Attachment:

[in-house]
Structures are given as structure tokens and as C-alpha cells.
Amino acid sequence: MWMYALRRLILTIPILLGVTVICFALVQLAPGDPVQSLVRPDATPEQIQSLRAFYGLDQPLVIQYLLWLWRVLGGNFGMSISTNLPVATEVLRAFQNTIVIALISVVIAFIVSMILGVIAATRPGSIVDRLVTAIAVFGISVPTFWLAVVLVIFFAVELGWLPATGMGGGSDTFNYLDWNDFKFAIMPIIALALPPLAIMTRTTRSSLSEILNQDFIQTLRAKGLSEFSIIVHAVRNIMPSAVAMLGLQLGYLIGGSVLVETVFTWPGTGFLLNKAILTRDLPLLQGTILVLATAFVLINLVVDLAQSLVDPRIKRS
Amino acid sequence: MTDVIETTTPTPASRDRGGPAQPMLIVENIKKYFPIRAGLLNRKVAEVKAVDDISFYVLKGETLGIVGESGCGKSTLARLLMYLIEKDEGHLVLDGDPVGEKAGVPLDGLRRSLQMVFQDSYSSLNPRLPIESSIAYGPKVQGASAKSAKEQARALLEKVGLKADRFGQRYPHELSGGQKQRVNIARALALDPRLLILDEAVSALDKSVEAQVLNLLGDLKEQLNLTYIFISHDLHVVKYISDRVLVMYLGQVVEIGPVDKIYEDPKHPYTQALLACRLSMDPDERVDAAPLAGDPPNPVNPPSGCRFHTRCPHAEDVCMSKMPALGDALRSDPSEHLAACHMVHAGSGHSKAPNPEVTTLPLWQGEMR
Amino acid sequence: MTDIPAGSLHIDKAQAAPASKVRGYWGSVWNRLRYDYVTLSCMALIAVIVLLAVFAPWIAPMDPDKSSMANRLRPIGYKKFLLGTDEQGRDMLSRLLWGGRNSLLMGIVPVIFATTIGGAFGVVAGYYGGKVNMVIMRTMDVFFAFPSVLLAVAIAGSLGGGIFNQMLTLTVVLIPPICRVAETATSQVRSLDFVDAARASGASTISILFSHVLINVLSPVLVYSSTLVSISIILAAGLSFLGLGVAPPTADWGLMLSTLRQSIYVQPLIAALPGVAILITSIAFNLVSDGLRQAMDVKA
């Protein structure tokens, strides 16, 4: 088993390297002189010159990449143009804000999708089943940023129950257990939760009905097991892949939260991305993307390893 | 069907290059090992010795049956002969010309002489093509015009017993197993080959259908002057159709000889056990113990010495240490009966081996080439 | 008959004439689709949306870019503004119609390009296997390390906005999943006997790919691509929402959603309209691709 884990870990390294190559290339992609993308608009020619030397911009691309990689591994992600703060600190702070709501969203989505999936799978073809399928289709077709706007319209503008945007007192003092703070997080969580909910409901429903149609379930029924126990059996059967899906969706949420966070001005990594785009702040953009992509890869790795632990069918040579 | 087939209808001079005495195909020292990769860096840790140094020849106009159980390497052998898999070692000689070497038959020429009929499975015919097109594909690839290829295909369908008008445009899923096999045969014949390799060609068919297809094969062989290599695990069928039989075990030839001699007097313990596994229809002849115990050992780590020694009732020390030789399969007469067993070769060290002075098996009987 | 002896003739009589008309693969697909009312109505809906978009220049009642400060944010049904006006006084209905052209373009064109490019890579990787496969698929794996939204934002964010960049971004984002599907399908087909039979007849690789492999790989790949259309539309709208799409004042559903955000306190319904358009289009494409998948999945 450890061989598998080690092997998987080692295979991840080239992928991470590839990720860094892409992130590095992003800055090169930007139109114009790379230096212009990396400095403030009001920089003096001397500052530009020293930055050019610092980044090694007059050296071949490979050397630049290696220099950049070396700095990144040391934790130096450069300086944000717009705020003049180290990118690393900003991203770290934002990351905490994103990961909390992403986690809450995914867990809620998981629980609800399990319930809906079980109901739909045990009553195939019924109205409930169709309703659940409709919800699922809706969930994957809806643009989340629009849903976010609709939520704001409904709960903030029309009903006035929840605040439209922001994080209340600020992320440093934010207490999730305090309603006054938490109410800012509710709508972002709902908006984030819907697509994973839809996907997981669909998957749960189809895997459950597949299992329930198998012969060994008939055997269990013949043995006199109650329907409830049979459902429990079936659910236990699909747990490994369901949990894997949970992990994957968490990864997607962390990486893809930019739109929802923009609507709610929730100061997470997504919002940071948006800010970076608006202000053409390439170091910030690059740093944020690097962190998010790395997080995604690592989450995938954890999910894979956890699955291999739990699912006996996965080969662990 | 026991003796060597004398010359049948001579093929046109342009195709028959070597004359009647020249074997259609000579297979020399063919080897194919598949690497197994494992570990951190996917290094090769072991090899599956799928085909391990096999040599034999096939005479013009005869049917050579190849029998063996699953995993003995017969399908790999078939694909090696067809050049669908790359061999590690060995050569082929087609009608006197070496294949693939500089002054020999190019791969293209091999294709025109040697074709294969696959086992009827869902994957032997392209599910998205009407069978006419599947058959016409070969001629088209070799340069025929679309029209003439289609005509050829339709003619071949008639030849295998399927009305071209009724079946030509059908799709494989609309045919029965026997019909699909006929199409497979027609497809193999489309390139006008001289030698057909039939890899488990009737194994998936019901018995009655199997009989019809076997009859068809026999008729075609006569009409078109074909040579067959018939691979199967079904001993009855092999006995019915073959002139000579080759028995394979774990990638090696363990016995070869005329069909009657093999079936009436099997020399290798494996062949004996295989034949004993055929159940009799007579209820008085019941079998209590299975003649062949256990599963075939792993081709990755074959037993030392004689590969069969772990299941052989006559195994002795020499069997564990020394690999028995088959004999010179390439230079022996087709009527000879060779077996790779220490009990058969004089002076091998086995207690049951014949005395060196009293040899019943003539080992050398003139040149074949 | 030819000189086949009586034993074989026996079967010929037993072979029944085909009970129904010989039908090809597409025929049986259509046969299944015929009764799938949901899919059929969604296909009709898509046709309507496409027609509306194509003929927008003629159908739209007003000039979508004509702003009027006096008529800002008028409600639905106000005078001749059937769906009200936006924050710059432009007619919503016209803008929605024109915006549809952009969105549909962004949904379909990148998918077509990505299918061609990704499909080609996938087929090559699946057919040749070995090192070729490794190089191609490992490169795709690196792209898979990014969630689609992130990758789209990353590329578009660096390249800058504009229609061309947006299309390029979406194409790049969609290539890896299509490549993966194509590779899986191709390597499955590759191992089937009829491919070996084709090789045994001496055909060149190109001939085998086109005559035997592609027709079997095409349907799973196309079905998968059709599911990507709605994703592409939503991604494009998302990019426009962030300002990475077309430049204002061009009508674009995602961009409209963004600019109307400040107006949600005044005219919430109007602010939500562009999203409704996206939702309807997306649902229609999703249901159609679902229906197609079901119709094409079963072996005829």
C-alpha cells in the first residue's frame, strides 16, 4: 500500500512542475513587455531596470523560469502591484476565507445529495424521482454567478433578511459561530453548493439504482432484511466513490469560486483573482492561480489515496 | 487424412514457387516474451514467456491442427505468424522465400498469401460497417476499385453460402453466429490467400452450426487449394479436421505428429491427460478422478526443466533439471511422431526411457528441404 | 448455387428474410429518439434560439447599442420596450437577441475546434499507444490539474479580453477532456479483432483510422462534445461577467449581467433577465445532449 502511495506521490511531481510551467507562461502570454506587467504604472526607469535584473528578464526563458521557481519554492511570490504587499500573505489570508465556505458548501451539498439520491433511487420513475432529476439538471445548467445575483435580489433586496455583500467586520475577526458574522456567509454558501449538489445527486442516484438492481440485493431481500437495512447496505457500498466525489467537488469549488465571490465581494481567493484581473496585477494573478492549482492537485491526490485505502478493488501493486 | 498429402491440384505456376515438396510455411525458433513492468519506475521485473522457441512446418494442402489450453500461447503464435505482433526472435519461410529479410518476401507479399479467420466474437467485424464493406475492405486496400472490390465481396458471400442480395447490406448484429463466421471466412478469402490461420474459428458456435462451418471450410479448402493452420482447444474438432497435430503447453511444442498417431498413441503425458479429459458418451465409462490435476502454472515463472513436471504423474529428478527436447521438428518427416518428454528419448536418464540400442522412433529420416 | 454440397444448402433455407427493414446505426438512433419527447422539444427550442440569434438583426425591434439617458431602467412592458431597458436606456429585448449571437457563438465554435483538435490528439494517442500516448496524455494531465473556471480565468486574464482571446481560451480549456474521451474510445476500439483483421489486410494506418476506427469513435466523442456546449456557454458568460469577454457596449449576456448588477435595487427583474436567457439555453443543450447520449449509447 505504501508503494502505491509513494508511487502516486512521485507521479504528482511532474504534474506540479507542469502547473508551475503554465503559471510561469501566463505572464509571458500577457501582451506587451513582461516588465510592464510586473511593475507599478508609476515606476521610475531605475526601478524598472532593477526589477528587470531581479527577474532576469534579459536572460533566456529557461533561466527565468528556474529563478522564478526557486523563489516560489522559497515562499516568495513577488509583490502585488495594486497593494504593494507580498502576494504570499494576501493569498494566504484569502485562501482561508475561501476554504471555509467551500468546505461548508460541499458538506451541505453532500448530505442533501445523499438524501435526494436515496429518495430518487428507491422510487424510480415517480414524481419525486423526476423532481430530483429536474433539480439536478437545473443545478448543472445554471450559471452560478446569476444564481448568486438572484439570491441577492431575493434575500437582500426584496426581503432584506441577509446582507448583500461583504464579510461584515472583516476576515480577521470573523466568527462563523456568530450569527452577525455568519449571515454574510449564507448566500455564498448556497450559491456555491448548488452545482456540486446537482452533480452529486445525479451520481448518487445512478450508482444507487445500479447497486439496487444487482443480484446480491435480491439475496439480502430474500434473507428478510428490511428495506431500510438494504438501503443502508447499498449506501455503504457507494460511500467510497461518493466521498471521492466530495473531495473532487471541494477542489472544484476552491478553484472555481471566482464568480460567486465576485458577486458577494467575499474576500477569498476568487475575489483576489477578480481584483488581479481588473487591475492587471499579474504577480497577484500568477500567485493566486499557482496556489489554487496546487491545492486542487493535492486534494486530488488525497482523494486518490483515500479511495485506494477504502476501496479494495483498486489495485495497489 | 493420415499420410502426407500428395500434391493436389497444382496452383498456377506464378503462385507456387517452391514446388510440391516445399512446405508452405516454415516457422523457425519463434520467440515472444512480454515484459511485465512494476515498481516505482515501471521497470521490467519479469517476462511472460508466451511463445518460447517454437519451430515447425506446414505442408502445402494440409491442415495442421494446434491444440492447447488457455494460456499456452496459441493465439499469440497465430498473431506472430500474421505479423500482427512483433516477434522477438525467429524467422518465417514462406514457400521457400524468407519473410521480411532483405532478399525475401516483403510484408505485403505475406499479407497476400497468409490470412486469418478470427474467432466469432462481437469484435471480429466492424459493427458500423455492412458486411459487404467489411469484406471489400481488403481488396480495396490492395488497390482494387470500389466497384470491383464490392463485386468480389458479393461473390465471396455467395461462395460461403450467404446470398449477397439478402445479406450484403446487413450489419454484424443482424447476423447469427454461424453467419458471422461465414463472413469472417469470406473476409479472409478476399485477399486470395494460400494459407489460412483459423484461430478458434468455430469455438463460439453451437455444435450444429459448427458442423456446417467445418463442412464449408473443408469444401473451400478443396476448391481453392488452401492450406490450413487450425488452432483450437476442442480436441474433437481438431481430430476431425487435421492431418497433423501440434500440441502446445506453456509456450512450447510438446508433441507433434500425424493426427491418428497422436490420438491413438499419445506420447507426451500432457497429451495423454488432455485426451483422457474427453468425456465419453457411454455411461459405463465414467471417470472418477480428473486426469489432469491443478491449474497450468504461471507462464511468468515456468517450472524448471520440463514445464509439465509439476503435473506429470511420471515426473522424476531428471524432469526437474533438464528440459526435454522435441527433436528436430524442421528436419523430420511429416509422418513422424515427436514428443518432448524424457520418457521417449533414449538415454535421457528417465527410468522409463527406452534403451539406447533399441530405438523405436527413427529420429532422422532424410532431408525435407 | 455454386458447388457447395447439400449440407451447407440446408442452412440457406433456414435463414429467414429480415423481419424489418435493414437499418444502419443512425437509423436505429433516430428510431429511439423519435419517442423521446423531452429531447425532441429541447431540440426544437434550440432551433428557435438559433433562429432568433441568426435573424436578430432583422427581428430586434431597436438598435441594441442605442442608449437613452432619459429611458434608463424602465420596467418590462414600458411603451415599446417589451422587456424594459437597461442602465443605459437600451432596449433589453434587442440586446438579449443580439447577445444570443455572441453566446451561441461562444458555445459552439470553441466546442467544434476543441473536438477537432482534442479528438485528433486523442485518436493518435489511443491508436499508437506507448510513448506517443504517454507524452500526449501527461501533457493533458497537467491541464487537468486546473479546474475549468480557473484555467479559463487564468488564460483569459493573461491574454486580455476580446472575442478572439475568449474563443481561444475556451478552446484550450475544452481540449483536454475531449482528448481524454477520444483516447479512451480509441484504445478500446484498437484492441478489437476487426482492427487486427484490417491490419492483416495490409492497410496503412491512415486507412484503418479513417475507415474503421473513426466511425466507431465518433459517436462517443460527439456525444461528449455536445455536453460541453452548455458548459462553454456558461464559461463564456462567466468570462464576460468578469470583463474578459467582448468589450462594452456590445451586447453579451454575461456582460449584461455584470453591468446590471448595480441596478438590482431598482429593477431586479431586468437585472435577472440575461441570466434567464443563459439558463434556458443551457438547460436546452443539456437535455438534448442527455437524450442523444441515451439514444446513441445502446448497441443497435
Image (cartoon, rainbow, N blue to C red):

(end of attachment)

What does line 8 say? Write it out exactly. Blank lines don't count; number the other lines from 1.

Image (cartoon, rainbow, N blue to C red):